What is the biggest challenge in predicting the skills that organisations need in the future?
John: This is a tricky question. Many business leaders that I’ve spoken to feel that they are on (or have even completed) the digitisation pathway and that they feel they’re on top of the skills they’ll need. But we don’t truly understand what digitisation will look like. We’re executing digital transformation projects on-top of analogue thinking. We will one day be delivering in a truly digital way and this will bring about a dynamic change in the skills we need. They will be vast and many, and we don’t know what these skills are yet. However, I would say that being flexible and capable, and having a common skills language/framework will take us well on the journey.
Kelly: We need to think about work and learning differently. Returning to my earlier point about the half-life of skills, there is a need for continuous learning because what you know now will be outdated in just a couple of years. We can predict some of the skills for the near future, like technical skills required because of digitisation. Data analytics, cybersecurity, artificial intelligence and robotics are a few examples.
The other category is what’s known as soft skills, but I like to call them power skills. They are uniquely human skills that can be transferred no matter what you do. These are things like emotional intelligence and adaptability. Most importantly, I think the skills of curiosity and learning agility will overlay all of this. The ability to learn all the time and remain ahead of developments.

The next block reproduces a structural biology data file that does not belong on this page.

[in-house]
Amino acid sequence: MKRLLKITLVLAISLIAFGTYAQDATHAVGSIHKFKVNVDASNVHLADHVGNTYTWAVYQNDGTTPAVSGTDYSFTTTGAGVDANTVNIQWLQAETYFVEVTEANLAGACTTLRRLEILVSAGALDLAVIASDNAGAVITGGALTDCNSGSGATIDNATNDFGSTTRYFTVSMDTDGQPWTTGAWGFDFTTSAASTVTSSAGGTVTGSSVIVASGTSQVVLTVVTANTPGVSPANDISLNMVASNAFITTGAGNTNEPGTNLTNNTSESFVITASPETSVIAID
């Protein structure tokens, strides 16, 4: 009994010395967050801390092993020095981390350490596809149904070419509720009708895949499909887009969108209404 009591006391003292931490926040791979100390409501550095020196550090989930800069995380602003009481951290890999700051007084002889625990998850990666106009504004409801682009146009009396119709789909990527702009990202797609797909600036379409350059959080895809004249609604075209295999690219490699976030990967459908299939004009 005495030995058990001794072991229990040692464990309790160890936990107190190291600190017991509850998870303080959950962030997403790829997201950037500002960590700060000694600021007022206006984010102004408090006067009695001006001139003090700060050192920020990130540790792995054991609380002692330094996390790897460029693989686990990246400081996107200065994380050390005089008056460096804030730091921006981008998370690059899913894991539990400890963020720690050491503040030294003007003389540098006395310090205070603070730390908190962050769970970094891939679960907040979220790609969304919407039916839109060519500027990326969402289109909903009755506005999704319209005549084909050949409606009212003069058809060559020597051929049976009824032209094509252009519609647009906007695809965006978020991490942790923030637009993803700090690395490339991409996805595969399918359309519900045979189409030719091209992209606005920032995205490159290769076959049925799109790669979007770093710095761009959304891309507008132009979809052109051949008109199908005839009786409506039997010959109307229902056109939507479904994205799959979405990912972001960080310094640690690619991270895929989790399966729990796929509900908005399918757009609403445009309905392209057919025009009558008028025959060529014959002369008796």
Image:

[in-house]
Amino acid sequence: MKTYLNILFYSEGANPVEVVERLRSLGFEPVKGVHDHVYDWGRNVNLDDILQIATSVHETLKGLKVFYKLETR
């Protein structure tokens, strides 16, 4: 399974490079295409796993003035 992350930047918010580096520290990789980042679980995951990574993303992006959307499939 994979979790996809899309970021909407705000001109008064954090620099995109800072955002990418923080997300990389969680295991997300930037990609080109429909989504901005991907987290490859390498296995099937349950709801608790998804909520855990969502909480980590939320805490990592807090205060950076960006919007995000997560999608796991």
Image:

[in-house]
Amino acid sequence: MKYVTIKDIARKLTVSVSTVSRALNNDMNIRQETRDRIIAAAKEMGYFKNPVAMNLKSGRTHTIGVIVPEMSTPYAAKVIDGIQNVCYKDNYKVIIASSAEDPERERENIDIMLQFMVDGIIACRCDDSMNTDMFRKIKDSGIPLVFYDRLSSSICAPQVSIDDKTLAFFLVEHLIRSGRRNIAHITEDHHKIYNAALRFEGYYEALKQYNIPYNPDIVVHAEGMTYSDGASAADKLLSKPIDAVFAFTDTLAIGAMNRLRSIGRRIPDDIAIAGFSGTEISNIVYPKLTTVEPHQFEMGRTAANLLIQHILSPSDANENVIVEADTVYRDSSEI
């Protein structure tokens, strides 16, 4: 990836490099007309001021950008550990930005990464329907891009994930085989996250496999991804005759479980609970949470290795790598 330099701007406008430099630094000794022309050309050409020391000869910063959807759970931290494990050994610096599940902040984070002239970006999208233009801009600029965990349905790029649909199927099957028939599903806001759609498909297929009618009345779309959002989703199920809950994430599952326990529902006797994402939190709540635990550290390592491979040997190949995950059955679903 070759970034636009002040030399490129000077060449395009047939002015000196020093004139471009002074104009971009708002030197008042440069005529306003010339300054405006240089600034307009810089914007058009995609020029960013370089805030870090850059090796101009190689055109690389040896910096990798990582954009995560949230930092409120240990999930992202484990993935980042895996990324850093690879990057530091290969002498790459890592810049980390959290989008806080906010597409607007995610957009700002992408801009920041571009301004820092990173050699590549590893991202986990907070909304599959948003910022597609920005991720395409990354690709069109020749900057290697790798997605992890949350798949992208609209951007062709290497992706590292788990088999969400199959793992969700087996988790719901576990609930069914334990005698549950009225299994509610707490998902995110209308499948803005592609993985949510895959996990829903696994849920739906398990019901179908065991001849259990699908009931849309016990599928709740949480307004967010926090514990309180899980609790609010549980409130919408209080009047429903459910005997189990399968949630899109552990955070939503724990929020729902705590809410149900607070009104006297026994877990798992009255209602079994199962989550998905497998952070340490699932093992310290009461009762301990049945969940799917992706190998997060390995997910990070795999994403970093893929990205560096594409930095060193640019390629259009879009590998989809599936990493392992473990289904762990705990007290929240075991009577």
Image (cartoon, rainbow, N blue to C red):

What strategies would you suggest we put in place with employees who have transitioned out of our organisation?
Louise W: I would say that it’s crucial for people to feel like they remain as part of the organisation, as an alumni member. Instead of feeling discarded, they can be connected and engaged with their former employer. This can help them (and your organisation) prepare for what’s happening next. It’ll also keep them as loyal advocates in the market.
John: It’s about keeping people connected and valued. Plus, you can communicate your skills requirements to alumni members, to create a dynamic connectivity between the skills that alumni have and what the business needs moving forward. In a way, this is a mentoring-style relationship between employer and alumnus. Where individuals are kept up-to-date with any changes, new strategy, and are given the opportunity to step back into the business by upskilling and identifying where they can be of value.
Do you anticipate talent having more confidence in their autonomy and skills coming out of this experience?
Kelly: I expect the crisis will force managers to manage a little differently, to move from measuring hours in an office to output and outcomes. People are going to be more independent and because of this, managers will have a cultural shift that creates a more productive, healthy and agile relationship with the workforce.
Louise A: For me, what will be exciting is seeing how this change will impact skills shortages and how we find untapped talent. Returners, carers and new parents, for instance, may not be able to make a physical journey into a company’s office, but remote work is opening up more opportunities for them and their employers. It will enable employers to build their capabilities out further.
John: Humanity recognises the need to change and is usually slow to do so. The current crisis has forced change upon us. It’s now about getting the best possible outcomes from this, to mobilise talent, link work to skills and reapply skills in new ways. This, I hope, will be carried forward long after the crisis has passed.
Download the full webinar here.